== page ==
Roaming The Rinks

One hockey fan's journey to the arenas of North America

Iroquois Park Sports Centre - Home of the Whitby Fury

                

October 6, 2013 - Whitby, Ontario

The Iroquois Park Sports Centre is a busy complex located yards away from the shore of Lake Ontario in Whitby.  Having opened in 1986 this 6-pad arena complex also houses other athletic facilities.  The building is flanked by a large parking lot which was quite full for this Sunday afternoon contest between the OJHL's Fury and the Buffalo Junior Sabres.  The sprawling complex has an industrial look, and the main arena where the Fury play is to the right of the entrance doors, which open up to a bustling, mall-like concourse, complete with a food court and seating, as well a a pro shop.  The Fury share top billing at the arena with the Whitby Dunlops of the Allan Cup Hockey League.  The Dunlops are among the most well known Senior A teams in Canada.  Sporting fields also make up part of the complex, and an electronic marquee sign lists many of the events going on at the facility as you pull into the parking lot.  The Iroquois Park Sports Centre is clearly a hub of athletic activity in this area, as upon entering the building the foot traffic was not unlike that of a busy airport, only instead of travel luggage folks were toting around hockey bags and sticks.  It took over 5 minutes of waiting outside to get a photo of the entrance of the building to wait for a few seconds where no one was going or coming to simply get the shot.  Yes, this is a busy place.  The exterior of the main arena is made up of a light brown textured concrete, offset by dark gray and red trim.  A silver metal roof makes up the top of the building, and in front of the end of the arena is a brick addition which makes up a fitness center and gym type facility.  Because of the sprawling nature of the facility you have to stand back in the parking lot to get a true view of the actual shape of the arena as all of the other ice pads are connected, but the main arena makes up its own wing of the building.  The Fury have been part of the OJHL greater Toronto Junior circuit since relocating from Oshawa in 2008.

Once inside the building a simple table is set up selling tickets and programs for the Fury games.  A ticket for the 2:10 game (all of the Fury Sunday games start at 2:10 for some reason) cost $12.  The main arena itself is entered through a simple door behind the ticket table.  The glass end wall of the arena is covered with a vinyl wrap mural of the Fury logo.  The arena is a simple 2 grandstand design, with 9 rows of seats on each side.  The seating is made up of plastic seats, all of which are brightly colored in red, blue, or yellow.  The capacity is listed at 2,500, and the seats are steeply pitched.  A wide upper aisle is atop the seating area, and there is a standing rail at the top of the arena as well.  The interior also features yellow accent walls, and is among the most brightly colored arenas we have encountered.  The building is clearly a lacrosse arena as well, as banners pay tribute to the huge Ontario Lacrosse Festival as well as the Whitby Warriors lacrosse team.  Also of note are the Dunlops banners, including the 1958 Allan Cup banner, signifying the Dunlops national championship that year.  A single, simple scoreboard sits along the far end wall of the arena, and there is a decent sized pressbox along one side.  In one corner a community room overlooks the ice.  The main arena at Iroquois Park Sports Centre is a simple design, yet is nicely kept, and more than adequate for the OJHL.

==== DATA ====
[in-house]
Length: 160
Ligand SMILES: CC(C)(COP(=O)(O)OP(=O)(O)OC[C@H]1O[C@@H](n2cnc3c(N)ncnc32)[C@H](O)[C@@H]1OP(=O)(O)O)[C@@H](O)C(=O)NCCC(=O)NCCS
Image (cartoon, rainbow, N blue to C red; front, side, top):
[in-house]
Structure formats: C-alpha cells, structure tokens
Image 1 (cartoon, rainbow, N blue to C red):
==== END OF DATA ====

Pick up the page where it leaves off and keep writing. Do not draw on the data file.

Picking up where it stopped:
The game presentation at a Fury game is all business and rather low-key.  We enjoy the OJHL as the skill level is high and the players definitely play hard.  Less than 200 fans were on hand for this Sunday afternoon matchup though, so it is hard to get much crowd atmosphere going when the building is less than 10 percent full.  The sight lines are good though, and the arena, although cold, is a comfortable place to watch hockey.  The game is presented in a professional manner.  There is music during stoppages, but during intermission not much happens at all aside from a chuck-a-puck contest, not even any music over the PA.  Most of the fans head out into the lobby area to warm up, get some food, or look around the Whitby Sports Hall of Fame, which sits just outside the arena doors.  The Hall of Fame is a nice touch, and the rest of the arena concourse hallway also has Whitby sports memorabilia, including NHL jerseys of Whitby natives Adam Foote, and hall of famer Joe Nieuwendyk, who also led the Whitby Warriors to a national junior lacrosse championship in addition to his hockey career.  The game itself was very good, albeit not very good for the locals, as the Junior Sabres came back after being down 3-0 to win 4-3 in a shootout.  The Iroquois Park Sports Centre is an impressive venue, largely due to the high level of local participation in hockey and other sports.  The fan experience during a Fury game may not be that exciting due to the small crowd, but the arena is modern and does not have many shortcomings.  There are just too many hockey options in this part of the Eastern Greater Toronto Metro area for spectators, including the OHL's Oshawa Generals 10 minutes down the road.  With the Fury's frequent Sunday afternoon schedule it makes for a great hockey double before heading over to Oshawa to catch an evening game.  We imagine that the experience here with a larger crowd would be very good.  The Iroquois Park Sports Centre is certainly an arena that Whitby locals should take pride in.      

                

A box score of the game can be found  Here

Other information about the Whitby Fury can be found at:  Fury Home

Other information about Iroquois Park Sports Centre can be found at:  Arena Home

More photos of Iroquois Park Sports Centre can be found  Here